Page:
IT may be the front door, but how do you roll out the welcome mat when unifying technology? Learn how to become a trusted advisor to the business and ensure ROI.
The cloud journey, for many organizations, has multiple stages of maturity. In the early stages, organizations standardize their underlying infrastructure of servers, storage, and network to create a base standard of consolidated, pooled resources. Next, organizations build on that base by virtualizing their infrastructure, applications, middleware, and databases. This stage enables IT to obtain the most value from the environment with a standardized infrastructure and a virtualized application stack. Finally, IT can automate the operations (IT and business processes) of the environment, which includes the initial resource request process and the ongoing operations of this infrastructure.
Standardization/consolidation, virtualization, and automation can greatly increase the efficiency, flexibility, and effectiveness of a cloud while decreasing cost and physical infrastructure requirements. As you embark on your cloud journey, there are several tips to follow and mistakes to avoid that will ensure you get the most return on investment (ROI) and, more notably, take IT down the path of aligning to the business. These tips and guidelines will help your IT organization meet new and emerging business requirements.
Phase One: Standardize and Consolidate
The cloud cuts across layers of both infrastructure and applications. Adopting cloud solutions means moving from a stove-piped architecture of dedicated hardware, in which each application has its own resource, to a collective services model, where the underlying infrastructure is collective and shared among applications. Standardization will help you to consolidate those underlying resources. In many cases, we also see app transformation being accelerated as a result of cloud adoption. Until recently, app transformation was mostly linked under a larger, three-to-five year transformation.
In this effort to standardize and consolidate, many traditional platforms are evolving. Most recently, the proliferating x86 environments have been combined and consolidated in order to achieve higher utilizations. However, even platforms such as mainframes and mid-range machines are increasingly running Linux. Many organizations are expanding consolidation to include globally dispersed data centers, and we see a new data center strategy evolving that takes advantage of cloud computing.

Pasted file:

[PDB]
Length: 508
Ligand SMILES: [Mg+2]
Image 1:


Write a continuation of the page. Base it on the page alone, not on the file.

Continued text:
In the rush to standardize and consolidate, don’t forget about how this will impact other infrastructure elements. Storage and networks are also experiencing a great deal of standardization and consolidation. Network standardization, for example, aids in achieving data segregation and privacy as well as speed.
People writing applications today with cloud platforms in mind will often build on a standard base and harness all of the possible features of elasticity and flexibility available through standardization. Therefore, in many organizations the newest applications, which have already standardized on the base technologies, are the first candidates for movement to the shared infrastructure.
Existing applications may need architectural changes in order to take full advantage of the cloud environment. These modifications require some degree of refactoring, or re-coding, of applications to run on a different type of underlying infrastructure, particularly those that have been running on older platforms. Pooling resources requires a relatively standard set of underlying specifications from servers to storage and network. Cloud environments are primarily Linux and Windows-based and, as a result, applications on non-x86 platforms may need to be ported, or refactored and moved, to the x86 platform, which are not trivial efforts.
Fortunately, many organizations are already undertaking application refactoring efforts, and the decision to move to the cloud can dovetail with these projects. While many older applications are now more expensive to run on existing platforms than cloud solutions, IT organizations still seek the capabilities and unique algorithms of these legacy applications and, therefore, will go through the refactoring process. Investing the effort to port legacy applications allows customers to take advantage of standardized, low-cost cloud environments without losing their familiar tools.
Other organizations are using the move to cloud as a catalyst to reduce their application portfolios. They desire the simplicity and lower cost of running fewer applications on a standard platform. Platform standardization and the reduction in the number of applications often occur over a three-to-five year timeframe, and the two efforts start dovetailing, leading to further consolidation.
In summary, standardization and consolidation are the first steps in the quest to capture the most value from a cloud. These actions set the groundwork to further increase ROI by providing a solid underpinning on which to build.
Phase Two: Virtualization in the Cloud